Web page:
The criminals of today are the same as those of 30 years ago – they just have better weapons. The scale of cyber crime is truly staggering: data breaches in the US exceeded 6 million records in the first half of 2016 alone. Hackmageddon highlights the four key motives behind cyber attacks in 2016. Cyber crime overwhelmingly topped the charts, accounting for 82.7%. The most common target is industry, which is on the receiving end of 22.67% of attacks.
Interestingly, Zero-Day Exploits were the highest vendor at 25.33%. This is alarming because the origin and point of vulnerability in this type of attack is unknown. As such, there are no patches or fixes available. The hackers behind such attacks are using increasingly advanced malware that can go undetected for years.
Small Firms are the Biggest Targets
According to Symantec, small businesses accounted for 43% of all targets of cyber-crime in 2015: an increase of 9% over 2014 and 24% over 2011. Staff responsible for company finance are the most common victims, with malicious emails being used to gain access to personal information and monies. To give you a clearer idea of the magnitude of this problem: 60% of small businesses who sustain a cyber attack close down within 6 months.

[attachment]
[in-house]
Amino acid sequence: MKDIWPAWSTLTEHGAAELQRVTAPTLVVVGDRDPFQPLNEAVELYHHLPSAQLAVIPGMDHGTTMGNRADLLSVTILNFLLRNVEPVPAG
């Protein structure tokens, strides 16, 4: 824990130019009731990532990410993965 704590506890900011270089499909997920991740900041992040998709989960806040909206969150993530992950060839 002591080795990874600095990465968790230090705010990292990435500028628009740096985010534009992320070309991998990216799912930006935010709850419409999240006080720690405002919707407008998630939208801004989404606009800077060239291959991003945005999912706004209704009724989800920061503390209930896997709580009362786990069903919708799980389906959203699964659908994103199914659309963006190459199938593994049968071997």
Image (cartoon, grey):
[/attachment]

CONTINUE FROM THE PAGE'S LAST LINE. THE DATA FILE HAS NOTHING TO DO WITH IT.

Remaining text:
Means, Motive and Opportunity
As we have seen, 20% of security breaches are attributable to “insider misuse”. We aren’t talking about taking pens or going through the till when nobody is looking. The type of crime being committed here is selling patient records and stealing birth dates and social security numbers for the purposes of benefit fraud.
Cision found that 90% of cyber attacks are successful because they use information stolen from employees. They suggest that companies invest too much time and money in network security when, in fact, employee identity theft and access exploitation are a much greater risk. Staff are the weakest link in the chain.
So, when you next come to update your security software and revise your protocols, remember: employees are the root cause of 90% of cyber attacks by virtue of being the greatest vulnerability in any organisation’s security.